I don't think Aspies lack empathy. It's actually been proven if you put multiple Aspies in a room together they will just "get" their way of communicating. I believe Aspies have a different way of communicating and expressing empathy from their neurotypical peers, making it difficult for them to always see eye-to-eye. I read Aspies can also be really open minded about other people's struggles, often reading about difficult human rights topics or human interest stories. I also think Aspies tend to have a strong sense of what they believe is right and wrong and aren't afraid to dive into difficult topics.

I hope I answered everything you needed. I read your post over briefly and tried to break everything down as best I could.



diagnosedafter50
Toucan
Toucan

Joined: 15 Dec 2020
Age: 54
Posts: 262
Location: United Kingdom

21 Mar 2021, 1:49 pm

GameCube wrote:
I self-diagnosed myself with Aspergers before I got a formal diagnosis. This was just before the new criteria for Autism Spectrum Disorder and I found the theory of mind criteria very confusing as well. I love reading fiction and watching fiction. I especially enjoy reading fantasy and science fiction books. But theory of mind is not really about disliking fiction. It's more about misunderstanding metaphors, tone changes in voices, reading the mood of a room, etc... I didn't think I struggled to badly in this area, but turns out according to theory of mind criteria, I'm a very logical thinker and I miss these things a lot.

The tests I took involved listening to recorded conversations and picking out certain terms of expressions, emotions, and predictions of how things were going to turn out. I also had to read life problems and try to piece them together. There was even a test where I had to guess what was inside a box based on what was in a room and what was in there before. I had a questionnaire regarding working imagination and problem solving. I did well with the task involving the box, but really struggled with the other tasks.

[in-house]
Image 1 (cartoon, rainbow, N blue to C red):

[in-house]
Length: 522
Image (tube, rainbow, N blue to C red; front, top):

To further answer questions:

1. Where do you think the rumor that Aspies hate reading stems from: difficulties tolerating as much socialization as NTs, are Aspies simply incapable of understanding fiction books because of a lack of empathy, or is this rumor simply the end result of Aspies being more “male-brained”/”left brain” than the average neurotypical? Why?

-I think the rumor that Aspies hate reading stems from the misconception that they will only read texts based on their special interests or concrete concepts that are comfortable to them.

2. If you are a diagnosed Aspie, do you have difficulties understanding things like motivation in works of fiction? Where do you think this trouble stems from? What kind of things strike you as difficult or frustrating? (Note: A good example would NOT be something you read in your English class; those books are designed to be challenging reads. A good example would be something one of your friends/siblings/peers would pick up and read for fun.)

-I don't typically miss motivation in works of fiction, but it depends on its complexity. When I do have difficulty understanding motivation its usually because I have a hard time understanding the struggles of character I can't relate to or there are too many sub-plots and I lose track of what is happening. I think the trouble with understanding some characters stems from my limited knowledge of social cues and my trouble following too many plot lines probably stems from my ADHD and tendencies to be inattentive/distracted. I don't really find reading frustrating, but I dislike authors who use the word "that" too much. I learned it's useless and it doesn't allow sentences to flow as smoothly.

3. In general, what are your thoughts on empathy and Asperger’s? How would you define empathy? Do you think Aspies lack empathy? What do you think of the author’s opinion in the quote provided that NTs seem to lack empathy just as much as Aspies do, that we both have problems relating to one another, and that Aspies are only labeled empathetically challenged because we can’t relate to the majority of people (NTs)?